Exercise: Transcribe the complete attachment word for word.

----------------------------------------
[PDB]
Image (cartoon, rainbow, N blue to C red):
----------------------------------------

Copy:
[PDB]
Image (cartoon, rainbow, N blue to C red):